Philosophy For Children (P4C)
Hazel Oak is a Thinking School.
We embrace P4C as an exciting and successful approach to learning and all children throughout school benefit from weekly P4C enquiries, facilitated by our highly trained and enthusiastic staff.
Our class groups are named after Philosophers, we take part in Philosothons with other local P4C schools and we will soon be a recognised Bronze Award School.
What is P4C?
P4C builds higher order thinking, questioning, speaking and listening skills and supports the development of children's thinking skills, concentrating on the 4Cs of philosophical thinking – Caring, Creative, Critical, and Collaborative. We believe that this helps to nurture children socially, to improve their learning across the curriculum and to develop the confidence to voice opinions, whilst respecting others’ views.
P4C is an approach to learning and teaching, now a recognised worldwide movement and practice, that was founded by Professor Matthew Lipman. It has developed over 35 years, and is practised in approximately 60 countries.
P4C Enquiries - what happens?
Children are taught how to create their own philosophical questions. They then choose one question that is the focus of a philosophical enquiry, or dialogue. For example the question might be “Is it ever ok to steal?”.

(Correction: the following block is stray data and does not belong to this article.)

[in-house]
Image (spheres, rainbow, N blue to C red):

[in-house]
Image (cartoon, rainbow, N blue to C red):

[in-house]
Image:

The teacher, as facilitator, supports the children in their thinking, reasoning and questioning, as well as the way the children speak and listen to each other in the dialogue.
After the enquiry the children and facilitator reflect on the quality of the thinking, reasoning and participation, and suggest how they could improve; either as individuals or as a group (Community).
At Hazel Oak P4C is a timetabled regular activity so that the children develop their skills and understanding over time. The role of the facilitator is crucial to ensuring quality dialogue and progress, as well as integration with the curriculum; all our staff are trained by SAPERE (Society for the Advancement of Philosophical Enquiry and Reflection in Education).
P4C is becoming embedded in the cross-curricular teaching and learning, and day to day life, at Hazel Oak - we are looking forward to developing further as we complete SAPERE’s award framework which provides guidance on progression towards achieving outstanding and sustainable P4C practice for the pupils, the teachers and the school.
It is well documented that P4C has an impact on children's cognitive, social and emotional development. P4C is about getting children to think and communicate well; to think better for themselves.
There is further information on the SAPERE website www.sapere.org.uk.